ST. LOUIS — The Plains states where the production of corn and soybeans is key are being hit harder by excessive drought conditions in the wake of the hottest month on record in the continental U.S., contributing to a surge in global food prices.
The weekly U.S. Drought Monitor map released Thursday showed that the amount of the contiguous U.S. mired in drought conditions dropped a little more than 1 percentage point, to 78.14 percent as of Tuesday. But the expanse still gripped by extreme or exceptional drought — the two worst classifications — rose to 24.14 percent, up nearly 2 percentage points from the previous week.
That's because key farm states didn't get as much benefit from rains as elsewhere on the heels of temperatures in July that federal scientists said were so high they broke a record set during the Dust Bowl of the 1930s.
Growers in Iowa — the nation's biggest corn and soybean producer — saw their conditions further deteriorate, with the amount of that state in extreme or exceptional drought more than doubling from 30.74 percent last week to 69.14 percent now. In neighboring Nebraska, the expanse of land considered in the two worst drought categories rose to 91.2 percent, up 8 percentage points. The amount of Kansas in exceptional drought also more than doubled, up to 38.58 percent from 17.45 percent, while extreme or exceptional drought in Illinois spiked roughly 10 percentage points, to 81.18 percent.
"Same song, tenth verse last week as much of the Plains saw the pattern of excessive heat and dryness persist, leading to more expansion across Nebraska, Kansas, Oklahoma and parts of Texas," Mark Svoboda, a climatologist with the National Drought Mitigation Center, wrote in Thursday's report.
Those dry conditions have factored into a sharp rise in global food prices after three months of decline, the U.N.'s Rome-based Food and Agriculture Organization said in its monthly price report Thursday.
Severe drought punishing the U.S.'s midsection has sent corn prices soaring by almost 23 percent, and expectations of worsened crop prospects in Russia because of dry weather sent world wheat prices up 19 percent, according to the FAO, which keeps close tabs on volatile global prices. Spikes in the prices of staple foods have led to riots in some countries in recent years.
The U.S. leads the world in exporting corn, soybeans and wheat, and the surging prices are expected to be felt across the international marketplace, hurting poor food-importing countries, said a study by British charity Oxfam issued on the eve of the U.N. report.
The FAO said its overall food price index climbed 6 percentage points in July, although it was well below the peak reached in February 2011. The FAO's index, considered a global benchmark used to track market volatility and price trends, measures the monthly price changes for a basket of food items including cereals, oils and fats, meat, dairy products and sugar.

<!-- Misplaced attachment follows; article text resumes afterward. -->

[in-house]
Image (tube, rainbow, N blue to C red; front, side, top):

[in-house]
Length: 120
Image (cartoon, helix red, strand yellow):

Corn, wheat, soybean and sugar prices rose. But on a brighter note, the July report said the price of rice and dairy products remained constant and the agency's meat price index fell.
Nonetheless, Oxfam cautioned that "millions of the world's poorest will face devastation" because of the rising prices.
"This is not some gentle monthly wake-up call — it's the same global alarm that's been screaming at us since 2008," Oxfam spokesman Colin Roche said after the latest figures were released. "These new figures prove that the world's food system cannot cope on crumbling foundations. The combination of rising prices and expected low reserves means the world is facing a double danger."
The U.S. Agriculture Department reported this week that as of Sunday exactly half of the nation's corn crop was rated poor to very poor, up 2 percentage points from the previous week and creeping closer to the peak of 53 percent of 24 years ago. Some 39 percent of soybeans now fall under those two categories, rising 2 percentage points for the second straight week and eclipsing the 1988 benchmark of 37 percent.
The nation's rangeland and pastures are faring even worse, with roughly three-fifths rated to be in poor to very poor shape — the largest area thus affected in 18 years.
"Indeed, recovery from this summer's extraordinarily hot, dry weather will be a lengthy process, requiring the change of seasons and multiple soaking rainfall events — not just occasional showers," wrote Brad Rippey, a USDA meteorologist.
That's perhaps because July was so brutal for growers. The National Oceanic and Atmospheric Administration reported Wednesday that the average temperature last month was 77.6 degrees, eclipsing the old record from July 1936 by 0.2 degrees. Records go back to 1895.
"It's a pretty significant increase over the last record," said climate scientist Jake Crouch of NOAA's National Climatic Data Center in Asheville, N.C. In the past, skeptics of global warming have pointed to the Dust Bowl to argue that recent heat isn't unprecedented. But Crouch said this shows that the current year "is out and beyond those Dust Bowl years. We're rivaling and beating them consistently from month to month."
Thirty-two states had months that were among their 10 warmest Julys, which Crouch said shows the breadth of the heat and associated drought.
The first seven months of 2012 were the warmest on record for the nation. And August 2011 through July this year was the warmest 12-month period on record, just beating out the July 2011-June 2012 time period.
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